Controlled formation of complex three-dimensional (3D) geometries has always attracted wide interest especially in micro/nanoscale where traditional fabrication techniques fail to apply. Recent advances employed buckling as a promising complementary assembling technique and the method can be used for high-performance electronics materials, such as silicon. This paper describes a new buckling pattern generated by joining multiple prestrained and unstrained elastomeric strips. After releasing, periodic twisting of the system along the releasing direction is generated and bilinear force–displacement relationship is revealed from finite element analysis (FEA). The finding enriches the classes of geometries that can be achieved from structural buckling. Also, compared to other buckling phenomena, the lateral dimension of the system does not change during the buckling process, which makes the structure perfect for elastic spring elements that can be arranged closely to each other without interference.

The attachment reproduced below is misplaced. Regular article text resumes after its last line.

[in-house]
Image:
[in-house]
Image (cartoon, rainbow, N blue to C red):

## Introduction

Complex three-dimensional (3D) structures, which are ubiquitous in nature, have attracted increasing interest to study their formation recently. Many complex 3D morphologies can be reproduced by simple rules. For example, the complex shapes of seed pods are related to a differential swelling operation [1], and the looped pattern of the gut is driven by different growth rates of tissues [2]. Huang et al. [3,4] revealed that simply by joining two straight elastomeric strips, one prestrained and the other unstrained, either helices or hemihelices structures form, depending on the cross section aspect ratio and prestrain. The buckling behaviors of slender structure elements (rods, plates, and shells) under compression play an important role in the process of 3D morphologies evolution [5].